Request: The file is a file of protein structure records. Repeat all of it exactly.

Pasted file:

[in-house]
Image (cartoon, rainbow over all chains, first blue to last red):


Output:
[in-house]
Image (cartoon, rainbow over all chains, first blue to last red):